I spent 7 years in a fine arts program; this kind of training really enhanced my photographic brain. I see my stories in vivid images in my head so when I’m describing it I can actually see it—I think this helps me give detailed descriptions. I want my readers to see it as clearly as I do. Also, I think my visual arts and fashion design background allowed me to see not only the world, but individual people through a variety of telescopes. I’ve known so many types of people and personalities, I’ve seen firsthand wild wardrobes and bold styles. All of this enhances the worlds I create.

How does the magic system in your fiction work? How did you come up with this approach?

I mixed many different types of magic… the traditional kind we see in fantasy books with spells and fun gifts. The realistic kind that some people (myself included) practice in the real world—like with crystals, herbs, and moon phases, etc. but then I also used the really fun kind where my characters can affect the elements, because this is really everyone’s wish. Lol.

What is your latest or next-forthcoming book (or both)?

At the end of February I released book 1 in my Elemental Magic series, The Lost Witch. Book 2—The Brave Witch—is releasing March 29th, and book 3 at the end of April. I hope to keep this pattern up through summer.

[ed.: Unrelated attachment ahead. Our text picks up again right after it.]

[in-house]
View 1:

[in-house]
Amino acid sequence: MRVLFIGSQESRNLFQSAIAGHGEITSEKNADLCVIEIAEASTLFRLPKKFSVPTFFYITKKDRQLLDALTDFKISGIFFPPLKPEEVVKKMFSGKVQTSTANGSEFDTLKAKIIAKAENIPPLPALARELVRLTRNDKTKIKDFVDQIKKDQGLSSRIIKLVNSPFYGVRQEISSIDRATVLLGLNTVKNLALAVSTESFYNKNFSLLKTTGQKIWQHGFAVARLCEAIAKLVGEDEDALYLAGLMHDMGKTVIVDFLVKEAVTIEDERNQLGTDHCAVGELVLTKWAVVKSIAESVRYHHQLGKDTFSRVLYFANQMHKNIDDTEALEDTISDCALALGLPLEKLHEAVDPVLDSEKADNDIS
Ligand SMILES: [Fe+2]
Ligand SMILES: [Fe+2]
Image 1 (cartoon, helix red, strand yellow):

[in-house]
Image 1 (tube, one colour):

What are you working on now?

I just started book 3, The Rebel Witch, in the same series.

What advice would you give to aspiring writers?

Just like the pirate’s code, writing rules are more like guidelines. Lol. Study the genre you want to write, read as many of those books as you can. Write something that’s in your heart but is also popular in the market. And write FAST.

But honestly, my best advice is to make writer friends. I would be lost without mine, lost and insane. My career wouldn’t exist without the help of my friends Megan Elizabeth, Michelle Madow, and Linsey Hall. I’m not even exaggerating. So I highly, highly recommend finding some writer friends of your own. Go to book conferences like RWA and RT (among many, many others) and learn everything you possibly can and then make friends with the people around you! They may change your life 🙂

What’s the URL of your website? Your blog? Where else can we find you on the web?

My website is ChanelleLaVaun.com
If you sign up for my newsletter you get a FREE prequel novella to my Elemental Magic series! Also, you can sign up for my review team. 🙂
Or find me:
Facebook
Chandelle LaVaun Street Team
Instagram – ChandelleLaVaun
Twitter @chandellelavaun
Pinterest.com/chandellelavaun

*****

Some Books I’ve Read Lately: